Tkachenko makes excuses that courts are overloaded and under-financed. Skeptics add that politics is often involved. They say that the arrest of Yulia Timoshenko, the most implacable foe of President Kuchma, confirms this statement.

Last-year arrest of the top officials of the ‘Slavianskiy’ bank that worked with the money of the enterprise ‘The United Energy System of Ukraine’ headed by Timoshenko is also considered by many as a witch-hunt. The bank president stands in a prison awaiting for trial during more than a year.

Dikiy reckons that the principle ‘Guilty until proved otherwise’ is a Soviet one.

‘This was a tradition since Stalin’s times. Officers in charge simply do not know how to investigate an affair, if the accused is not in captivity’, Dikiy says.

Timoshenko’s chances to be released in the near future looks dubious. Lukyanivska prison has already harmed her health.

According to a message of ‘Ukrainska Pravda’ of 27 February, Viacheslav Peredriy, a professor of RAND institute of nutrition, said that Timoshenko was examined in her cell and her health was acknowledged very poor. He refused to give any details, explaining that he himself was unwell after his visit to the prison.

General Prosecutor’s office more than once negated the information that Yulia Timoshenko’s health is poor.

© KPnews. com 2000

‘Kyiv Post’, 7 March 2001

PL commentary. In general, agreeing with the article from ‘Kyiv Post’, it must be noted that, contrary to skeptics, the upkeep conditions in some preliminary prisons (especially in new ones) have become a little better, and the conditions in penitentiaries have considerably improved in the recent years. Unjustified restrictions in sending and receiving letters and parcels have been cancelled, an opportunity to phone to one’s relatives has appeared, clerics of various confessions have the right to visit penitentiaries, convicts have got the right to possess the Bible, the penitentiary personnel contact with public organizations, although the proper level of openness has not been reached yet. This optimistic correction is justified, since all penitentiaries in the article are called ‘prisons’, although in Ukraine there are only three prisons and they are used for keeping the most dangerous hardened criminals. The bad conditions are mainly due to insufficient financing. In fact the food for a convict costs from 8 to 30 kopecks per day – is it possible to nourish one for such a sum? The more so, the financing is planned according to the capacity of a penitentiary, and the latter is always overcrowded by 2-4 times. It should be also noted that the representatives of human rights protection organizations must be more accurate and objective in their assessments. Errors in one figures give birth to distrust to others. And Evgen Dikiy’s statement that no prison has been built in Ukraine since 1917 is a blunder. Only during the independence several preliminary prison and penitentiaries were built in Ukraine. In the Soviet times many penitentiaries were built to keep the limitless flow of criminals, which increased by tens or even hundreds times compared to those of the czarist times.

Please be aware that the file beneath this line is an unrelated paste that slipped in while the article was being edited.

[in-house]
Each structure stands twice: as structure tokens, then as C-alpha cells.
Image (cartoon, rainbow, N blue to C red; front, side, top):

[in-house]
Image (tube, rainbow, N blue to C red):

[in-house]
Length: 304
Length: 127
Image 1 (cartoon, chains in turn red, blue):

As to torture, degrading treatment and psychological pressure, they actually happen even before starting the case or during investigation. The latter is especially frequent in ordered cases with a political lining, as in the mentioned ‘Slovianskiy’ bank affair or Yulia Timoshenko’s case. Some obstacles to the lay of things are may appear after the introduction of the new norms on detainment and arrest. They were mentioned in the previous article. Yet, until now the Parliament has not adopted the law with President’s comments. Secondly, the efficiency of the law depends much on the law-application practices.

As to release of Yulia Timoshenko, we believe that not all the i’s are dotted after the decisions of the Pecherskiy district and Kyiv city courts.